Leaders of the Lutheran Church are split on these issues, like those in many other groups. Yet while popular opposition to keeping German troops in Afghanistan, for example, peaked recently at 69 percent, this was reflected in Bundestag votes (with courageous exceptions) only by the Left Party.
And what about Gaza? There have been many demonstrations against the bombing and shelling, largely but not exclusively by people of Palestinian, other Arab, or Turkish descent. Also a few favoring Israel. On these complicated issues even more groups have been split.
There was a clear reluctance by many politicians to stress anything but the subject of anti-Semitism in Germany, France, and elsewhere. Indeed, this menace always exists — like anti-Black racism and Muslimophobia, both more widespread today, but in Germany without the same awful echoes from the past. And there are indeed always some fascists, here and elsewhere, who try to misuse anti-Israel feelings, especially when some Jewish and non-Jewish leaders equate Israeli actions with Jewishness, calling any opposition to Netanyahu and Avigdor Lieberman “anti-Semitic.” Very unfortunately, this evokes the similarly false conclusion blaming all of Judaism for Netanyahu’s bloody policies. Sadly, too many fail to regard all human life everywhere as equally sacred — including all children, whatever their ethnicity or religion. Dr. Dieter Graumann, head of the Central Jewish Council of Germany, said: “The West should sometimes try to place itself in the situation of Israeli parents. They must live daily with the uncertainty as to whether, when they say goodbye to their children going to school in the morning, they will ever see them again.” No pleasant thought, it is true, but while such fears almost completely fail to materialize, there is no uncertainty at all that over 400 children of Gaza will never see any schoolroom again — nor their parents. The almost total failure to think of their death — and so many others — shocks me with its one-sidedness.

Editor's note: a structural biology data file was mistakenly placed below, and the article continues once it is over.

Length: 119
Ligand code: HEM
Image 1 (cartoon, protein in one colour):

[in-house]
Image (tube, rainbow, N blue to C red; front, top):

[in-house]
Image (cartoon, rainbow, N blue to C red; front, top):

True, a group of emotional protesters in Berlin shouted some anti-Semitic slogans on one occasion, and a few excited young Arab men ignited some material at a synagogue door in Wuppertal. Yet while so many mosques in Gaza were destroyed, and although hundreds of children, women, and elderly people were killed there, almost all anti-Israel demonstrations were free of anti-Jewish slogans or caricatures. All the same, it seemed that for too many this question outweighed any horror at the scenes of death, destruction, and so many, many weeping parents.
I must beg forgiveness that I have turned not sour but certainly bitter. I will try to avoid this in the future and hope I have offended no one. But I cannot remain silent on events recalling the bombing of Madrid, Barcelona, Guernica, and many others. The pictures have been all too similar!
I will close on a totally different note. Berlin, now third most attractive tourist attraction in Europe (after London and Paris), is still dependent on two older, greatly overburdened airports, one in former eastern, one in western Berlin. The giant new Berlin-Brandenburg “Willy Brandt” airport, one of the biggest investment projects in all Germany, was to replace both of them. It was due to open ceremoniously in June 2012. But somehow that fabled German efficiency was missing. It will now open not in 2014, not in 2015, or even 2016 but just possibly in 2017. Those living near Tegel are sour at the continuing noise over their heads, while those near the planned new airport are more than happy at the delay. Happy, too, are all those earning lots of money because of it. Many of us still praise the crowded little Tegel airport — but perhaps that has less to do with sour pickles than with sour grapes.
Victor Grossman, American journalist and author, is a resident of East Berlin for many years. He is the author of Crossing the River: A Memoir of the American Left, the Cold War, and Life in East Germany (University of Massachusetts Press, 2003).